It was observed that (S)-a-(trifluoromethyl)lactic acid with initial enantiomeric excess of 74%, increased to 81% ee after closed and partial sublimation whereas the sublimate was only of 35% ee. Soloshonok et al., (2007) have also obtained reproducible results in open air. Clearly all the above independent research groups have different results. These different aspects have been scrutinized by Blackmond and Klussmann on phase-behavior models. The vapor pressure of enantiomers and of their mixtures may be markedly different and may chiefly depend on the enthalpy of decomposition of the racemic compound and on the temperature at which this process occurs (Farina, 1987 and Jacques et al., 1981). According to Blackmond (2009 and 2010) when the separate solid crystals (D or L) of amino acids are added to the solvent, the kinetics of two physical processes competes: 1) solution-solid (or gas -solid) equilibration; and 2) solid-solid equilibration. Amino acid forms an LD crystal at equilibrium, but before that equilibrium is established, the two separate crystals L and D each begin to dissolve without regard to the other. This results in behaviour more like that of a conglomerate (where each crystal comprises a single enantiomer, and there is no direct molecular interaction between L and D molecules) than that of a racemic compound. Thus during the transient initial regime, a system of separate D and pure L crystals acts as a ''kinetic conglomerate''before solution-solid and solid-solid equilibrium are attained. But, if scalemic samples is prepared from LD amino acid plus extra enantiopure amino acid (as in the Feringa, 2007), then the solution composition at the outset would reflect a value closer to the eutectic enantiomeric excess. Feringa et al., (2007) found 9-10% ee in leucine samples. In these samples solid-solid equilibration had already occurred prior to sublimation. In Perrys' experiment alanine samples were prepared from separate L + D crystals, it is likely that the slight depletion of ee observed for the sublimate occurred because the system was still struggling to emerge from its ''kinetic conglomerate'' state even while the sublimation process began. I have performed sublimation experiments of alanine using different enantiomeric excess at different time intervals to see the behavioural differences in enantiomer and racemate alanine crystals due to their intermolecular. The amino acids found in small but significant enantiomeric excess in meteorites are rare or unknown in our biosphere like isovaline (Pizzarello and Cronin, 1997). It is found around 18 % ee (Pizzarello et al., 2003) in Murchison meteorite and approximately 15 % ee in Orgueil meteorite (Glavin and Dworkin, 2009).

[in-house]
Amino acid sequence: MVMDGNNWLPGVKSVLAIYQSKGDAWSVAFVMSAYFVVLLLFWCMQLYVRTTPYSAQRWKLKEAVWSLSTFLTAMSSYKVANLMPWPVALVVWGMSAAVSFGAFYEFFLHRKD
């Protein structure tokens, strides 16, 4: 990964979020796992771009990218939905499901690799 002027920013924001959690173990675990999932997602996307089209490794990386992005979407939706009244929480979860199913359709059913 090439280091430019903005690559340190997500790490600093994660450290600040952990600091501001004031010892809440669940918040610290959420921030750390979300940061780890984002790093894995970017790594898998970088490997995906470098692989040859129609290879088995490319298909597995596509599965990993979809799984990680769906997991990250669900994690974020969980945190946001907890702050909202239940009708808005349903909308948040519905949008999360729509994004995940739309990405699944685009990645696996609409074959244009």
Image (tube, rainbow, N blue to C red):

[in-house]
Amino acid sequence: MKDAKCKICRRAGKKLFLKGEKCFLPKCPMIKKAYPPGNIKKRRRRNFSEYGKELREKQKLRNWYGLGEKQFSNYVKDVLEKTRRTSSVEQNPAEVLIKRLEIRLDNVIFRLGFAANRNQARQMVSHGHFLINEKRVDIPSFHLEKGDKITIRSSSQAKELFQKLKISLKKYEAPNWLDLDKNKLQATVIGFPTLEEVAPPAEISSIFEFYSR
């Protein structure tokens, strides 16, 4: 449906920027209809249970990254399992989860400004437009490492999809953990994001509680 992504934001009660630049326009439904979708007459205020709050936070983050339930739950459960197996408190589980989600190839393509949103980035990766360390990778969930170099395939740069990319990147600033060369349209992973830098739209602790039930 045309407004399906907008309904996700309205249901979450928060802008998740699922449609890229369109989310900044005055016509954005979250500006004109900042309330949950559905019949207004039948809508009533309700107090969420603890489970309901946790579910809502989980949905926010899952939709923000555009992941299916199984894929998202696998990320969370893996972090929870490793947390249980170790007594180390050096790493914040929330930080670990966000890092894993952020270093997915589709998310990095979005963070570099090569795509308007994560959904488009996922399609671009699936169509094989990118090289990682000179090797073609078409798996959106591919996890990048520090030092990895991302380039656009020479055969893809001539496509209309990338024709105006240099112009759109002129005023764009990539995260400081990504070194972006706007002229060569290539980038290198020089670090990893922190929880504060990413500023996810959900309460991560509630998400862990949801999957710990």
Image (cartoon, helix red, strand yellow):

Tab.1: Î±-methyl amino acids from Murchison meteorite.
2-amino-2-methylbutanoic acid (Isovaline)